Chris will present his M.Sc. thesis “Investigating the capability of UAV imagery in AI-assisted mapping of Refugee Camps in East Africa” on Friday 16th of September at 2pm. From his abstract: ” Refugee camps and informal settlements provide accommodation to some of the most vulnerable populations, with many of them located in Sub-Saharan Africa. Many of
these settlements lack up-to-date geoinformation that we take for granted in developed settlements. Having up-to-date maps on their dimension, spatial layout is important. They are essnetial tools for assisting administration tasks such as crisis intervention, infrastructure development, and population estimates which encourage economic productivity. In the OSM ecosystem, there is a disparity between built-up being digitised in the developed and the developing areas. This data enequality are results of multiple reasons ranging from a lack of commercial interest to knowledge gaps in data contributors. Such disparity can be reduced using assisted mapping technology. Very High Resolution satellite imagery and Machine Learning based methods can exploit the textural, spectral, and morphological characteristics of VHR imagery are commonly used to extract geospatial and imagery of these complex environments. Recent advances in Deep Learning based Computer Vision, however, might be able to address these issues. This study is connected to a larger initiative to open-source the AI assisted mapping platform in the current Humanitarian OpenStreetMap Team’s ecosystem.

To investigated the capabilities of applying Deep Learning semantic segmentation methods for delineating building footprints in refugee camps from open-data drone imagery. The objective of this study is to test the U-Net and several variations of the
architectures’ performance for building footprint mapping, The performance of the different Deep Learning models on datasets of different complexity were collected. A comparison of the models responses using class-based accuracy assessments metrics allows evaluation into which level of data quality is required to achieve acceptable classification results when scaling Deep Learning assisted mapping efforts in the context of humanitarian mapping.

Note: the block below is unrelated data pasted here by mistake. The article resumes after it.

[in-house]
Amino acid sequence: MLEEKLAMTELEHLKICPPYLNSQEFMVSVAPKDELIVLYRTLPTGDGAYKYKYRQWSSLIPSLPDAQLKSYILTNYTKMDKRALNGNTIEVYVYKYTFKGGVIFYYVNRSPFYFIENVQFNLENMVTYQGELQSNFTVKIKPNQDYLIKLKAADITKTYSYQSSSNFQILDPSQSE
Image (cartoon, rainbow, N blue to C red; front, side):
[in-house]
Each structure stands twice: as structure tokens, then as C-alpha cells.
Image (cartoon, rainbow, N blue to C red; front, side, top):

This study demonstrats the ability to use Deep Learning semantic segmentation to perform building segmentation in complex humanitarian applications. Having increased access to open-data Very High Resolution drone imagery such as the OpenAerialMap initiative is an advantage to building AI-assisted humanitarian mapping. The study evaluated various U-Net based architectures and data input setup. Yet, the variation of the results not only emphasised the complexity of Deep Learning based methods, but also indicate that further efforts will be needed to focus on the selection of suitable network architectures as they show varying resilience towards imperfect reference samples.

supervisors: Hannes Taubenböck (DFD-DLR), Martin Wegmann, Matthias Weigand (DFD-DLR), Emran Alchikh Alnajar (Humanitarian OpenStreetMap)